3 February 2023
Defra has downgraded its soil target within its new Environmental Improvement Plan. The EIP has reduced the 25 Year Environment Plan target, from 100% to 60% of UK soils being under sustainable management by 2030. This sustainable management will mainly be brought about through the Environmental Land Management Scheme The EIP sets out what the government expects to do to improve the environment including healthy soils, including committing to produce a baseline soil health map for England by 2028.
Consultation documents published by Defra show that the National Farmers’ Union (NFU) argued government environmental targets were ‘unachievable’. The NFU highlighted that targets to reduce nutrient pollution from animal waste and fertiliser were ‘irrational’ and rewilding did not support rural communities. The Soil Association stated that the NFU is displaying a lack of imagination.
The Royal Society warns in a new report that the government risks overpromising for different land-uses with finite land available. Instead, the report highlights the need for a more joint plan for land that reduces demand for land while delivering for nature, energy, food and housing. In the report, it recognises the importance of soil management and the need to engage land managers on this.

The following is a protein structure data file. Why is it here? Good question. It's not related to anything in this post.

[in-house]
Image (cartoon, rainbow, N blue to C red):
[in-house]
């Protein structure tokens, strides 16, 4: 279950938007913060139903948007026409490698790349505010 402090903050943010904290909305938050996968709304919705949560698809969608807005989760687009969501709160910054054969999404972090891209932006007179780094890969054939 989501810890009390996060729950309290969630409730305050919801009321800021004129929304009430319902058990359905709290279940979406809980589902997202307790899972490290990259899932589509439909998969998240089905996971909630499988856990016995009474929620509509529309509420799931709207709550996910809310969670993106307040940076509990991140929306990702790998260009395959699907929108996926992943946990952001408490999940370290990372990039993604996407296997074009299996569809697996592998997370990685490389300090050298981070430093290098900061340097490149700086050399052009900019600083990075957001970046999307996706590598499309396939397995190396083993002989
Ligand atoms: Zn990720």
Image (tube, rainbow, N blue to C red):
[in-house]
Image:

Volatile weather patterns due to climate change, like drought and floods, are pushing for new ‘soil’ amendments to be used to help soils. Conventional soil health practices such as minimum tillage or cover crops, are still not able to improve soil health on their own. New soil amendments including fly larvae droppings, biochar and ashes are being developed to support soil health.
A final report from a study of heritage and ancient cereals in Wales shows their potential for sustainable food production. The study found that organic farms using natural soil fertility and heritage grains could yield the same amount of grain as conventional farming with modern varieties. High soil fertility plays a key role in supporting high yields from the heritage grains.
Research between Innovative Farmers, the Organic Research Centre and others, finds that living mulches can provide excellent soil health benefits. Living mulch is a form of (semi) permanent cover crop. It benefited soil health through increasing earthworms, microbial activity and soil organic matter.
A new board game focused on explaining soils, has been developed by soil scientists. Dirty Matters, illustrates why soils matter especially for food security, clean water and carbon storage. It offers a way of soil science being communicated to people that is easier to understand. The game is free.